Sunday, June 14, 2009

Indiana: A hobbled march forward

From The Economist print edition

Finding new things to do in the depths of the rustbelt

STEVEN CHU, the energy secretary, who specialises in atomic physics, travelled on June 2nd to Fort Wayne, Indiana, which specialises in pickup trucks. General Motors (GM) had declared bankruptcy the day before, and Mr Chu was one of many cabinet members sent to cheer up the rustbelt. He toured a local firm that makes geothermal heat pumps, then announced $50m to promote such technology. On the far side of town Orval Plumlee, the president of the local United Auto Workers, was too busy to leave the union hall. Panicked workers had been calling him non-stop.

As a manufacturing giant topples, Indiana finds itself in an odd position. GM’s bankruptcy will devastate Michigan, the rustbelt’s feebly beating heart, and Indiana will suffer too. The state had about 80,000 workers in the car and parts manufacturing industry in 2007, the most recent numbers from the Bureau of Labour Statistics. But Indiana is not typical of the region. Before the recession the state was bustling, its unemployment rate was below the national average.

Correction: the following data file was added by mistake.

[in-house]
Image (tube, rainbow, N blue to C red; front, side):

Mitch Daniels, the governor, may have to tap state reserves to pass a budget, but on June 1st he insisted that “Indiana remains in vastly better shape than most states and any of our neighbours.” Its economy has made progress, with one foot stuck in the past and a toe dipped in the future. It is a promising stance, though a wobbly one.

Indiana is still a laggard in many areas. Only 21% of those aged 25 and older have a college degree, compared with 28% across the country. Hoosiers’ average income has failed to keep up with America’s, sliding from 32nd place among the states in 1997 to 40th a decade later.

Indiana’s economy is more dependent on manufacturing than any other state. But as the Big Three’s clout has waned, Indiana has evolved accordingly. Less powerful unions and ample foreign investment make the state what Morton Marcus, a prominent local economist, calls “the middle finger of the South thrust into the North.” Indiana’s output of car and parts manufacturing grew by 31% from 1997 to 2007. Michigan’s shrank by 20%. The day before GM’s chief executive first asked Congress for a bail-out, Indiana celebrated the dedication of a Honda factory. More here.

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